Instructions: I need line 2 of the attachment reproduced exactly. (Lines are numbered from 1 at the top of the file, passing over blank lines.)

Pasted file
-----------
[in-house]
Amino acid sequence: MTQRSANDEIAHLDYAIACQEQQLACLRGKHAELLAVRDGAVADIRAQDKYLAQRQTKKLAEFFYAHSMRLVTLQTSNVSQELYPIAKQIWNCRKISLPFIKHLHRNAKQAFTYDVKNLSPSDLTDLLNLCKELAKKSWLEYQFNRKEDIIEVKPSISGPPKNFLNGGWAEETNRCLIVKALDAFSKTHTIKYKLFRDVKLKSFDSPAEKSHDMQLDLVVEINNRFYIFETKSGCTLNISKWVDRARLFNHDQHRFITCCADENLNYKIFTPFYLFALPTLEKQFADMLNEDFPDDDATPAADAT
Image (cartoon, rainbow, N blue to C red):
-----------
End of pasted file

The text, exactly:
Amino acid sequence: MTQRSANDEIAHLDYAIACQEQQLACLRGKHAELLAVRDGAVADIRAQDKYLAQRQTKKLAEFFYAHSMRLVTLQTSNVSQELYPIAKQIWNCRKISLPFIKHLHRNAKQAFTYDVKNLSPSDLTDLLNLCKELAKKSWLEYQFNRKEDIIEVKPSISGPPKNFLNGGWAEETNRCLIVKALDAFSKTHTIKYKLFRDVKLKSFDSPAEKSHDMQLDLVVEINNRFYIFETKSGCTLNISKWVDRARLFNHDQHRFITCCADENLNYKIFTPFYLFALPTLEKQFADMLNEDFPDDDATPAADAT